Kind regards
  14. ted angus

    ted angus Senior Member

    You take care of yourself mate; you have done more than your duty throughout your life, your Service and with the RBL - keep warm and have a restful winter.
    Best Wishes
  15. Noel Burgess

    Noel Burgess Senior Member

    Les it has been wonderful reading your posts on this thread, and elsewhere on the forum. I look forward to reading many more contributions.
    Take Care
  16. DoctorD

    DoctorD WW2 Veteran WW2 Veteran

    Thanks fellows for your kind thoughts.

    Just to update you, The little 84-page A4 booklet that I compiled and handed out at the unveiling two years ago, seems to have found its way to RAF Command HQ PR & Video guys. They asked me what's going on at Omaha for the 70 th Anniversary as, having read my booklet, they thought it would be oportune to get US Media interested in what the RAF did for them on D-day.

    Picturing that Brass Plaque corroding itself alone and unattended amongst the plethera of US Memorials scattered there, I decided that the presence of probably the last RAF survivor laying a wreath there might be enough to catch their attention. So I decided a few weeks back to get on my bike (not literally, of course, but the 4-wheeled variety, with engine!).

    When I heard that a serving US Commanding General was unveiling a new staue a few paces from our Memorial I set about inviting him to Left Close a few paces to join me. Resulted in NBC, BBC and US Public Service channel heads up!! Downside is his unveiling is at 7am and then no accomodation left with 100 miles! Saved by kind offer from our French friend who provided the BRASS plaque (now forgiven) to accommodate my ex-RAF oppo,who's sharing the driving, and me in his house! We're arriving on 4th June and departing on 8th, so working on a full itinerary. Will keep you all posted here. Maybe see some of you if I post my final program (got to use the Yank spelling!). Wish us sunshine and a bit of luck.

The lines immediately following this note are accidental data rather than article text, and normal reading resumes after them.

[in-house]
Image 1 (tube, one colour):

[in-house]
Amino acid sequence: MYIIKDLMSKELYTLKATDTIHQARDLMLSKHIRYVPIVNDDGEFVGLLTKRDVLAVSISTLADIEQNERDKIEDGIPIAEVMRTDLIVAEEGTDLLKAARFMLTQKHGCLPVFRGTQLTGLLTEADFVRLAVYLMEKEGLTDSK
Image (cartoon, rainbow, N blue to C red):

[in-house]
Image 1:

17. dbf

    dbf Moderatrix MOD

  18. Drew5233

    Drew5233 #FuturePilot Patron 1940 Obsessive

    Les - There is no finer D-Day vet than you. FACT !
  19. questor

    questor Junior Member

    Have really enjoyed reading all the posts on this forum. My grandfather served as a Driver Mechanical Transport in the RAF and from his service record I can see he was posted to Renscombe Down in March 44, then onto Chigwell a month later. In May '44 he was assigned to AMES 14039 and I know anecdotally that he was in Normandy a couple of days after D-Day. The Operations Record Book of 24 Wing, 85 Group, has his unit (now part of 15129 COL) stationed at Bouflet (?) in August '44. But the trail ends there. I know, again second-hand from my own father, that he was in Holland towards the end of the war, but that's about it. The photos on this forum have enabled me to visualize the kind of trucks he might have driven and that's been great. But I'd love to know more, if anyone has any suggestions they would be gratefully received.
  20. AndyBecket

    AndyBecket New Member

    Greetings all - I've just discovered this forum... My father - Gerald Becket - served with FDP 15053, and went to France on D-Day+1. My name is Andrew Becket, my e-mail address is: Andrew.becket@btinternet.com
    I have some 15053 memorabilia that I'd love to discuss, and perhaps find a worthwhile lasting home for...?